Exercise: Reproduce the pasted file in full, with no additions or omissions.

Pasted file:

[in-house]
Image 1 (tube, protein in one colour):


[in-house]
Image 1 (tube, protein in one colour):